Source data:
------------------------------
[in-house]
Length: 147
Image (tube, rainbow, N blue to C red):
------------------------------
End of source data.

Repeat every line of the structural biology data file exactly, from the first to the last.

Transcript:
[in-house]
Length: 147
Image (tube, rainbow, N blue to C red):